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Published on December 29, 2007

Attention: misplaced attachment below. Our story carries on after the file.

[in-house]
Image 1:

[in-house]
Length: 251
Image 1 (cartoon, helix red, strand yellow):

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Lecture 9: Friend functions and overloading operators :  Lecture 9: Friend functions and overloading operators Software Engineering: Friend functions Overloading operators Array of objects Slide2:  A friend function of a class is defined outside that class’s scope, yet has the right to access private members of the class. Friend functions enhances performance. For instance, friend functions can be used to define overloading operators. An example will be given after overloading operators are discussed. Slide3:  Friends can access private members of a class #include <iostream.h> Class Count{ friend void setX(Count &, int); //friend declaration public: Count(int y) {x=y;} //constructor void print() {cout<<x<<“\n”;} private: int x; }; counter.x after instantiation: 0 counter.x after call to setX: 8 void setX(Cout &c, int val) { c.x =val; } int main() { Count counter(0); cout<< “counter.x after instantiation:”; counter.print(); cout<<“counter.x after call to setX:”; setX(counter, 8); // set x with a friend counter.print(); Return 0; } Slide4:  C++ is a type-sensitive and type-focused operators -- +, - *, / etc. Y=15+3; or x=16-x; operators with user-defined types can also be used. object3=object1 +object2; no new operator can be created. most of the existing operators can be overloaded so that when applied to class, they mean appropriately to the class. Slide5:  Class Time { public: int hours, minutes, second; Time operator+(const Time &, const Time &); //overloading + }; Time Time:operator+(const Time & x, const Time & y) { Time z; z.hours=x.hours+y.hours; z.minutes=x.minutes+y.minutes; z.seconds=x.seconds+y.seconds; return z; } void main() { Time x1, x2, x3; x1.hours=0; x1.minutes=10; x1.seconds=20; x2.hours=1; x2.minutes=11; x2.seconds=11; x3=x1+x2; } Slide6:  Another choice: define “+” as a friend operator Class Time { friend Time operator+(const Time &, const Time &); //overloading + public: int hours, minutes, second; }; Time operator+(const Time & x, const Time & y) { Time z; z.hours=x.hours+y.hours; z.minutes=x.minutes+y.minutes; z.seconds=x.seconds+y.seconds; return z ; } Slide7:  Class Time { public: int hours, minutes, seconds; Time operator+(const Time &, const Time &); Time(int x, int y, int z);//constructor //overloading + }; Time Time:operator+(const Time & x, const Time & y) { Time z; z.hours=x.hours+y.hours; z.minutes=x.minutes+y.minutes; z.seconds=x.seconds+y.seconds; return z; } Time::Time(int x, int y, int z) { hours=x; minutes=y; seconds=z;} void main() { Time x1(0, 10, 20), x2(1, 11, 11) , x3; //x1.hours=0; //x1.minutes=10; //x1.seconds=20; //x2.hours=1; //x2.minutes=11; //x2.seconds=11; x3=x1+x2; } Slide8:  class Money{//an ADT for HK$, in file money.h public: Money(int d,int c); //constructor d-dollars,c-cents; //precondition: d and c are assigned values: c<100; //postcondition: dollars = = d, cents = = c; void give_output(); //precondition: (dollars, cents) given //postcondition: ‘$’ and the amount is printed to screen void get_input(); //input from keyboard //precondition: $amount1.amount2 is typed //postcondition: dollars=amount1, cents=amount2; private: int dollars; int cents; //number of dollars and cents }; Slide9:  Money::Money(int d,int c) //in money.cpp {dollars=d; cents=c; }; void Money::give_output() {//in money.cpp cout << “The amount is $”<<dollars<<“.”<<cents; } Implement Constructor and Output for Money Slide10:  An operator is in principle the same as a function. It has some arguments. For example “+” has two arguments, one before it and one after it. We know general functions cannot access private members of a class. The same applies to operators. To overcome this hurdle, we use friend function. friend Money operator +(const Money& x,const Money& y); //define operator “+” for class Money and making private members //of Money available to “+” by declared “+” as its friend operator. //precondition: x and y are assigned values. //postcondition: the sum of dollar values of x and y is returned. Overloading operators Slide11:  we need to add a line in class Money prototype: friend Money operator +(const Money& x,const Moeny& y) Then the definition: Money operator +(const Money& x,const Moeny& y) {Money tmp; tmp.dollars=x.dollars+y.dollars; tmp.cents=x.cents+y.cents; if {tmp.cents >=100) {tmp.cents=tmp.cents-100; tmp.dollars=tmp.dollars+1;} return tmp; } An Example of overloading “+” Slide12:  An array of objects void main(void) { int f[5]={1,1,1,1,1}, k, i,q; int driver = DETECT,mode; Elevator x[5]; char y='0'; for (k=0; k<=4; k++) {x[k].sign=1; x[k].k=0; } initgraph(&driver,&mode,"A:\\bgi"); while(y!='x') { y=read_key(); for (k=0; k<=4; k++) if(f[k]==1){x[k].k=x[k].k+x[k].sign*5;} setcolor(GREEN); for (k=0; k<=4; k++) { x[k].selevator(0+100*k); setcolor(GREEN); } for (k=0; k<=4; k++) { if (x[k].k>=250) x[k].sign=-1; if (x[k].k<=0) x[k].sign=1; } delay (300); for (k=0; k<=4; k++) x[k].ereaseel(0+100*k); } closegraph(); } Slide13:  What is a class ? (type of objects) Definition of class -- member variables +member functions public vs private public member variables and functions can be used everywhere private member variables can only be accessed by the member functions of the sane class. Friend functions can access the private member variables overloading existing operators are possible objects are like “variables”, thus we can define an array of objects. We can try to do the same things for objects as for variables, e.g., pointers, etc. We will not mention too many. Summary of class Slide14:  A step by step example for different concepts Question 1: define a class named Coursework containing ass1, ass2 and total as public meber variables and input and output as the member functions for input and output. Class Coursework { public: int ass1, ass2, total; void input(); void output(); }; Coursework:: input () { cout<<“Please enter the mark of ass1 \n”; cin >> ass1; cout<<“please enter the mark of ass2 \n”; cin>>ass2; } Coursework::output() { cout<<“Your ass1 is” <<ass1<<“your ass2 is” << ass2<<“the totaal is” <<total <<“\n”; } Slide15:  A step by step example for different concepts (continued) Question 2: write a main function to deal with one object called x and input the data and output the data. void main (){ Coursework x; x.input(); x.output(); } Question 3: How about two objects? void main (){ Coursework x, y; x.input(); x.output(); y.input(); y.output(); } Coursework::output() { cout<<“Your ass1 is” <<ass1<<“your ass2 is” << ass2<<“the totaal is” <<total <<“\n”; } Slide16:  A step by step example for different concepts (continued) Question 4: define the “constructor” Class Coursework { public: int ass1, ass2, total; Coursework(int a1, int a2); void input(); void output(); }; Coursework::Coursework(int a1, int a2) { ass1=a1; ass2=a3; total=ass1+ass2; } Question 5: How to use the construct? Void main() { Coursework x(100, 99),y; x.output(); y.input(); y.output(); } Slide17:  A step by step example for different concepts (continued) Question 6: define two private variables w1 and w2. Class Coursework { public: int ass1, ass2, total; Coursework(int a1, int a2); void input(); void output(); private: float w1, w2; }; Coursework::Coursework(int a1, int a2) { ass1=a1; ass2=a3; total=w1*ass1+w2*ass2; } Slide18:  A step by step example for different concepts (continued) Question 7: overload the operator “+” for the class. Class Coursework { friend Coursework operator +(const Coursework& x, const Coursework& y); public: int ass1, ass2, total; Coursework(int a1, int a2); void input(); void output(); private: float w1, w2; }; Coursework operator +(const Coursework& x, const Coursework& y); { Coursework temp; temp.ass1=x.ass1+y.ass1; temp.ass2=x.ass2+y.ass2; temp.total=x.total+y.total; temp.w1=x.w1; temp.w2=x.w2; return temp; } Slide19:  A step by step example for different concepts (continued) Question 8: How to use the overloaded operator “+”? void main() Coursework x(100, 99), y(99,100), z; z=x+y; z.output(); } Slide20:  Exercise 1: Give the output of the following program. #include <iostream.h> Class Count{ friend void setX(Count &, int); public: Count(int y) {x=y;} //constructor void print() {cout<<x<<“\n”;} private: int x; }; Void setX(Cout &c, int val) { c.x =val; } int main() { Count counter(0), c1(1); cout<< “counter.x after instantiation:”; counter.print(); cout<<“counter.x after call to setX:”; setX(counter, 8); // set x with a friend counter.print(); c1.print(); Return 0; } Slide21:  Exercise 2: Give the output of the following program. #include <iostream.h> Class Count{ friend void setX(Count &, int); public: Count(int y) {x=y;} //constructor void print() const {cout<<x<<“\n”;} private: int x; }; Void setX(Cout &c, int val) { c.x =val; } Count counter(9); int main() { Count counter(0), c1(1); cout<< “counter.x after instantiation:”; counter.print(); cout<<“counter.x after call to setX:”; setX(counter, 8); // set x with a friend counter.print(); c1.print(); Return 0; } Slide22:  Exercise 3: Give the output of the following program. #include <iostream.h> Class Count{ friend void setX(Count &, int); public: Count(int y) {x=y;} //constructor void print() const {cout<<x<<“\n”;} private: int x; }; void setX(Cout &c, int val) { c.x =val; } Count counter(9); void f() {counter.print();} int main() { Count counter(0), c1(1); f(); counter.print(); setX(counter, 8); // set x with a friend counter.print(); c1.print(); Return 0; }